The examination of four great civilizations that existed before Columbus's arrival in North America offers evidence of sustained contact between the Old and New Worlds
Describes the cultural splendor, political might, and incredibly advanced technology of these precursors to our modern age
Shows that North America's first civilization, the Adena, was sparked by ancient Kelts from Western Europe and explores links between Hopewell Mound Builders and prehistoric Japanese seafarers
Before Rome ruled the Classical World, gleaming stone pyramids stood amid smoking iron foundries from North America's Atlantic seaboard to the Mississippi River. On its east bank, across from today's St. Louis, Missouri, flourished a walled city more populous than London was one thousand years ago, with a pyramid larger—at its base—than Egypt's Great Pyramid. During the 12th century, hydraulic engineers laid out a massive irrigation network spanning the American Southwest that, if laid end to end, would stretch from Phoenix, Arizona, to the Canadian border. On a scale to match, they built a five-mile-wide dam from ten million cubic yards of rock. While Europe stumbled through the Dark Ages, a metropolis of weirdly shaped, multistory superstructures, precisely aligned to the sun and moon, sprawled across the New Mexico Desert.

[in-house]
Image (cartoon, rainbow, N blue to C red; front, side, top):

Who was responsible for such colossal achievements? Where did their mysterious builders come from, and what became of them? These are some of the questions investigated by Frank Joseph in his examination of ancient influences at work on our continent. He reveals that modern civilization is not the first to arise in North America but was preceded instead by four high cultures that rose and fell over the past three thousand years: the Adena, Hopewell, Mississippian, and Anasazi-Hohokam. How they achieved greatness and why they vanished so completely are the intriguing enigmas explored by this unconventional prehistory of our country, Advanced Civilizations of Prehistoric America.